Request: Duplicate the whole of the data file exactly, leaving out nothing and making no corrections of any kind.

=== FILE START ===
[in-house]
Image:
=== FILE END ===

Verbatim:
[in-house]
Image: